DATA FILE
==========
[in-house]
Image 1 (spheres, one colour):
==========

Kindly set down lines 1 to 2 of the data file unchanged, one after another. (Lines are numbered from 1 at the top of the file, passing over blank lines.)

[in-house]
Image 1 (spheres, one colour):